The Delhi High Court on Wednesday refused to grant a stay sought by state-run NTPC on the Central Electricity Regulatory Commission’s (CERC) new five-year tariff regulations, which, the PSU believes, would hit it badly. The court has, however, issued a notice to CERC and directed the regulator to consider any representations made by NTPC against the tariff regulations. For now, the matter has been listed for further hearing on May 19.
The new CERC guidelines will come into effect on April 1 and remain in force till March 31, 2019. The NTPC stock had tanked to a five-year low on February 24, following the regulator's final tariff order.
During the proceedings, counsel on behalf of NTPC told the High Court that the PSU was challenging the regulations as they were in violation of the Electricity Act, 2003, and unconstitutional.
"I am challenging the validity of the regulations as they are ultra vires the Electricity Act. CERC has acted in an arbitrary manner while fixing tariff norms for the next five years. These regulations give benefits to discoms and the discoms are using them to write off their earlier losses," NTPC’s counsel told the High Court, adding that NTPC was suffering a loss of R350 on every tonne of coal consumed by the PSU for electricity generation. NTPC told the court its coal consumption was 70 million tonne per annum, and the losses were running into thousands of crores.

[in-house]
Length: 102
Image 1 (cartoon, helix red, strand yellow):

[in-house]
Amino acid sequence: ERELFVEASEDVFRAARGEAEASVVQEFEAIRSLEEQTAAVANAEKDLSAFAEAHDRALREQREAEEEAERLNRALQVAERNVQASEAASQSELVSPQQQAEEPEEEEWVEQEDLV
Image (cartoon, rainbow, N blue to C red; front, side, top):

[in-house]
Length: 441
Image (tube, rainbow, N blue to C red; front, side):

NTPC, in its petition, had sought that the measure of Gross Calorific Value of coal should be on the "as received" basis and not on the "as fired" basis. Additionally, the petition also seeks that a normative station heat rate should be specified in the regulations, along with other specifications on auxiliary energy consumption and oil fuel consumption. The plea also demands that auxiliary energy consumption should be capped at 5.25%.
In a public hearing held by the CERC on draft tariff regulations 2014-19 in January, NTPC had pleaded with the regulator not to go ahead with the proposed changes. The regulator did provide some sops, such as reduction in threshold PLF for payment of generation incentives from 85% to 83%, relaxation in operational efficiency parameters for ageing 200 mw units and recovery of water charges. However, NTPC remained unhappy with the new regulations.
One of the key changes in the new regulations is in respect of the payment of generation incentives to developers — from plant availability factor (PAF) to plant load factor (PLF). While PAF means declared capacity availability for generation, PLF stands for actual electricity generation by a plant. While NTPC has control over PAF, PLF could vary, depending on factors like fuel availability and offtake of electricity by discoms.
At a time when coal shortage remains a serious issue, linking incentive payment to PLF could make things difficult for NTPC. The recovery of fixed charges payable to generators, though, will remain linked to PAF. Further, the regulator has also tightened station heat rate and auxiliary power consumption norms.
Under the new rules, discoms will reimburse generators whatever tax may be paid by them on the applicable 16% RoE, instead of the normative corporation tax.
As the power sector is enjoying a tax holiday, it pays the minimum alternate tax of 20% instead of 33% corporate tax. But the generators get reimbursement from discoms at 33%. In the new regime, NTPC and other generators would be deprived of this tax arbitrage.